And this matters. A lot. It matters because it forces you to, at least once in your life, publicly declare what you believe to be good.

Whenever I take online tests about this, because I am a nerd and I love taking tests, it tells me that my Hogwarts house would be Ravenclaw, and my Divergent faction would be Erudite. And those are both pat, neat answers. I am a nerd, and I do love learning more than I love almost everything else, so those seem like totally easy solves, right? Well, no, because that's not what I would pick.

I don't actually want to spend my life surrounded by a bunch of people who think intelligence is the highest value, because I don't think intelligence is the highest value. I like intelligence. I am quite fond of my own, and I get rather a lot of mileage out of it. But it's not my core belief. I don't cherish my brain. If tomorrow I woke up, and I had lost my ability to remember everything, to analyze, to think circles around my teachers, I would be sad, yeah, but I wouldn't be devastated. In short, I would make a great Ravenclaw or Erudite. But I would be totally miserable.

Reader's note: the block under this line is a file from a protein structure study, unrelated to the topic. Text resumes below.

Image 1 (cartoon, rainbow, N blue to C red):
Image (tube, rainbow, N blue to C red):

When I sort myself, I pick Hufflepuff, and when I choose, I choose Abnegation. Not because loyalty and selflessness are values I inherently have. They aren't, trust me. But because they are values I deeply, deeply want. I want so much to be loyal and kind and selfless. I want to be that person, and I try so hard to make my choices reflect that. If I chose in the ceremony, I would probably pick Abnegation, even though I have every bet that my aptitude test wouldn't show that.